Push polls are viewed very negatively by professional politicians – or some professional politicians, but they are actually illegal only in one state, New Hampshire, which is in the northeast part of the U.S.

Another dishonest political strategy that some candidates use to hurt their opponents is what we call “attack ads.” “To attack” means to fight someone, to try to harm them or injure them. An attack ad is an advertisement on radio, TV, or “print” (that is, a newspaper or magazine) that says bad things about another candidate. In the past, attack ads were used to attack a candidate’s platform – their positions on certain issues. Now, however, they are often used to attack a candidate’s personal life or their beliefs. In American politics, your personal beliefs and personal life are very important. People may vote for you or not vote for you based on what you do in your personal or private life, so these kind of attack ads can be very effective.

When many attack ads are used with other “accusations,” statements that you have done something wrong, the political strategy is known as a “smear campaign.” Normally to “smear” (smear) means to rub something so that its color moves from one surface to another. For example, a woman’s lipstick may be smeared after she kisses someone. So, if your wife comes home and her lipstick is smeared, you might want to ask a few questions! A painting might be smeared if you touch it before the paint is dry, that’s “to smear.” A “smear campaign” is the combination of many different negative political strategies that a candidate may use against his or her opponent to make them look bad in the eyes of voters. “In the eyes of voters” means in the opinion of people who are voting. This is also sometimes called “mud slinging.” “To sling” (sling) means to throw something. “Mud” is basically dirty earth, water mixed with soil – mixed with what you would dig out of the ground. “Mud slinging,” then, means throwing dirt or saying something negative about another candidate to make him or her look bad.

It would be nice if our presidential elections used only honest and fair strategies. Unfortunately, we have already seen some dishonest political strategies in past elections, and they will probably continue as we have more elections in the future. These terms, then, are ones you may see in the newspaper when talking about the election: mud slinging, smear campaigns, push polls, and attack ads.

Now we’re going to turn to a very different topic, the Black Dahlia. The Black Dahlia is a nickname that refers to a well known, or famous murder. A “nickname” is another name, usually a shorter name, for a person or a thing. For example, my real name is Jeffrey, but my nickname is Jeff. When I was younger, I had another nickname, Shorty, which my friends used to call me because I was shorter than the other boys in grade school. I didn’t like that name very much, so we don’t use that anymore – please! I prefer Jeff. Anyway, the phrase Black Dahlia is used as a nickname for the woman who was murdered, as well as the case itself – the murder itself. A “dahlia” (dahlia) is a type of flower; I’m not really sure why they use that nickname for this murder.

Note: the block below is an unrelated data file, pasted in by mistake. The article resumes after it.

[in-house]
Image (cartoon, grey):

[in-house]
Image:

The woman’s real name was Elizabeth Short. She was born in the State of Massachusetts, which is on the East Coast of the United States, in the northeast. But, she was murdered here in Los Angeles, in 1947, right after World War II; she was only 22 years old. Her murder is an unsolved mystery. A mystery is something that happened that people can’t explain, or something that doesn’t have an easy answer. An “unsolved mystery” is a little redundant – it means the same. A “mystery” is something that you don’t know the answer for; “unsolved” means we haven’t figured it out. In any case, the Black Dahlia is definitely an unsolved mystery, perhaps one of the most famous in Los Angeles history. We don’t know how or why this woman died, or who murdered her.

Now, Elizabeth Short was a very troubled young woman, meaning she had many problems in her life. During the last six months of her life, she lived in many different places and didn’t really have a real home. She died a very violent death. Something that is “violent” is done to hurt someone with very strong physical actions. When they found her body in a park, it had been mutilated. “To mutilate” (mutilate) means to damage or cut something very badly to make it look almost like it isn’t even a human being. Her body was cut in half and her face was cut from each corner of her mouth to her ears. So, it was a very ugly scene.

The murder was widely “publicized,” meaning it was described in many, many newspapers and news reports. The police interviewed thousands of people, but never determined who actually did the crime – who committed the crime. “To commit a crime” means to make the crime happen. There was so much interest this particular murder that 60 people actually confessed to having committed it, saying that they were the murderer, but the police decided that none of those people was the real, or actual, murderer. Most of them confessed just to get attention from the media – from the newspapers.